Did Frida imagine, when she painted small self-portraits from her convalescent bed, that she would become one of the most influential artists of all time? Even among those who are not fond of painting and art, the name of Frida Kahlo evokes an avalanche of intense emotions, of passion, rebellion, talent and originality. She is in herself an icon that transcends her work. .
A new example of this is the immersive exhibition that since December 2021 can be seen at the Centre d’Arts Digitals IDEAL in Barcelona, “Frida Kahlo, the Life of an Icon”, a project by Layers of Reality, Minoria Absoluta and MagmaCultura. This exhibition focuses on a biography of the artist, reproducing the most relevant moments of her life that marked the evolution of her pictorial work so significantly.
Throughout the exhibition, documents, original films, digital montages, historical photographs and objects from her daily lives can be seen, allowing visitors to experience the personal story behind the myth. Among these objects is a selection of Frida Kahlo’s dresses, many of which are inspired by Mexican culture, and which are exhibited in paper pulp busts that we produce at Pasqual Arnella.
For Frida, clothing was a way not only to define herself, but to vindicate herself. A clear example of this are the Tehuantepec dresses, typical of the matriarchal society of this Mexican region, which connect it not only with traditional culture, but also with a social structure where women play the key role.
Also on display are the corsets and long dresses that helped her hide the consequences of both the polio she suffered as a child and the accident that at age 18 left her bedridden for long periods of time.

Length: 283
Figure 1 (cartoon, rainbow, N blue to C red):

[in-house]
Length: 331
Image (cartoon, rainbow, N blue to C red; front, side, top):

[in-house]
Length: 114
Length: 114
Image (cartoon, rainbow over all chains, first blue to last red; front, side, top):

Both the choice of traditional dresses linked to Mexican matriarchal societies and the masculine suits she wore on other occasions have led her to become a feminist icon in recent years. In any case, what is clear is that this is a woman who wanted to define herself in her own terms.
At Pasqual Arnella we wanted Frida Kahlo’s dresses, which played such a significant part in her identity, to be shown on mannequins aligned with her style. To do this, we used busts from the model Shasta painted in matte black, as well as the bust of a child aged 4-6 years for her childhood dresses.
These mannequins are made from 100% recycled and sustainable paper pulp, and have been designed and manufactured in Barcelona. It is a sober, elegant design, with a slightly rough finish that gives it a natural, handcrafted look. The matte black finish of all the busts manages to highlight even more the intense colours characteristic of Frida Kahlo’s designs.
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